Learning with Others: Contemporary Issues in Art and Design Education

Irina Shapiro and I will be teaching a seminar together at the Piet Zwart Institute, Master Education in Arts. (2020) 

Trying to make the physical restraints of Covid-19 more tangible, I have prepared ribbons of 1.5 meters that read: The distance between you and me cannot be measured by the string between us.

Learning with Others: Contemporary Issues in Art and Design Education

We find ourselves in the middle of a pandemic, a climate crisis, a migration crisis, and a crisis related to cultural and ecological urgencies. In the whirlwind of these larger forces, this seminar Learning with Others invites you to look at your pedagogical practice from the perspective of post-humanism and new materialism. We are interested in how educational practices might think through the limits of the human and imagine possible perspectives from others, both human and non-human. How might educational practices in art academies, primary schools, museums, and communities relate to multiscale, multispecies environments, and contexts? While this question might sound far-off, if not speculatively theoretical, it is actually closer and more grounded than you think. For educators, this question might mean challenging learning spaces, such as classroom settings, workshops, and studios. It could entail addressing disciplinary divisions in education (thinking through more connected interdisciplinary, project-based learning). Perhaps it involves promoting embodied, artistic and experiential methods of knowing instead of the conventional academic canon (think of maker education, STEAM education, et cetera). It could also involve critically examining assessment procedures in education and other factors that condition and precondition learning processes.

The complexities of the post-human theoretical framework might sound intimidating and difficult to apply in a practical sense, as it is almost impossible for us as humans to imagine a world through the eyes of non-humans. However, we will proceed by exploring it step-by-step. Starting with the modest but fundamental gesture of examining how we engage in meaning-making processes, we will look at how we register, acknowledge, describe, and remember the world around us. Putting these observations into words, we will build relational structures, transforming them into a new sort of language. Eventually, we aim to create a glossary as a modest attempt to challenge and inform our sense-making capacities through the acts of observing, naming, and finally, (dis)ordering.

As the seminar evolves, you will make a collective compilation of the emerging words to accomplish the above. The term glossary in this context is unorthodox in its interpretation and is intended as a reflective process. As we work individually and collectively, we will question how words emerge, are selected, and relate to each other. As a medium, the glossary is a means of disturbing our expectations, heightening our awareness of language as a non-neutral form of articulation and meaning sharing. Language, and especially any professional lexicon, tends to create a ‘rational’ direction of reading which can be a barrier to stepping aside from conventional paradigms of doing research. Through a more subjective approach to words, the group is invited to experience language as a connector to possible new knowledge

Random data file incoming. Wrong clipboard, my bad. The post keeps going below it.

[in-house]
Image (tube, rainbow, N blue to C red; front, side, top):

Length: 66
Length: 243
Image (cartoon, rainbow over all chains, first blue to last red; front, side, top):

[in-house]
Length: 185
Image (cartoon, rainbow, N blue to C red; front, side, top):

In several wording exercises that function as one of the seminar’s central threads, words will be presented as carriers of open meaning. Whether it is offered by a student, a guest speaker, or the seminar’s guests, each term can be newly defined, synthesized through the process, and embodied through our collective discussions. Regardless of how long the initial list is, the group will strive to conclude the seminar with a glossary of a limited number of redefined, synthesized, and experienced words. The glossary presentation might include readings, performative gestures, small workshops, and narratives that next to experience within education, rely on different professional backgrounds and curiosities of the group.

The promise of subjectivity rests in acknowledging the incompleteness of an individual, story, argument, discipline, or tradition, while at the same time making room for others unknown or yet-to-be. Phrased differently, as Donna Haraway writes in Situated Knowledgesthe knowing self is partial in all its guises, never finished, whole, simply there and original; it is always constructed and stitched together imperfectly, and therefore able to join with another, to see together without claiming to be another (Haraway 1988). Next to this, the wording exercises are intended to bring into focus matters which are essential to each individual’s practice, while simultaneously highlighting and fostering rituals, habits, and tactics of listening, reading, remembering, speaking, and sensing and producing meaning.